For, ‘from A to B’ read Abyssinia to Bechuanaland.

    In 1916, there were other historic happenings of more enduring moment that the glorified street skirmish of Dublin. Such as when two mapmakers, Sykes and Picot, one British, the other French, both of whom had barely passed their geometry papers in their final school exams, took out their pencils and rulers on behalf of their rulers.

    And applied same to the map of the Middle East or Asia Minor and drew straight lines where concepts like Lebanon, Syria, Iraq and Palestine were to be located. They carried out their task of drawing straight lines with such efficiency that B. Balfour, Esquire, was heard to declare: ‘Bloody spiffing job you’ve done there, chaps’.

    The Men of La Manche

    Vera in her era did not of leaky chalets
    Speak, across that channel in Calais
    Straight lines go over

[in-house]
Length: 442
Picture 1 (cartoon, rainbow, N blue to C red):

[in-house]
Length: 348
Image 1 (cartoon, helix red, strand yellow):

Under water to Dover
    Make way for the Ultimate Action Replay.

  5. billy July 29, 2015 at 3:30 pm #

    professor betts is probably sitting with his feet up earning a couple a grand a week,as for the ones dreaming about the giros flying in if they get through it should be up to france to ship them back and start again with new entry rules,theres no room at the inn as they say if all aid was stopped we wouldnt be were we are the day,

  6. Belfastdan July 29, 2015 at 6:29 pm #

    There are solutions to migration but unfortunately the major economic powers refuse to contemplate them.

    1. The arms trade has to be curtailed,
    2. Dictatorships should not be supported,
    3. The natural resources of countries should be for the benefit of their people and not for the enrichment of corporations.

    I don’t think that Europe can absorb the different religious, ethnic groups that are heading our way. Multiculturalism in a European context is a failed experiment, It is far better that people have better lives in their own countries than risking life and limb to end up at some squalid camp,

  7. billy July 29, 2015 at 8:23 pm #

    have to agree with your last part dan,these countries have getting millions over the yrs and their still at it,i remember in primary school getting envelopes collecting for the black babies wee heartstring photo on it,first blackman i seen had a flack jacket on he was on foot patrol in my street pointing a rifle ,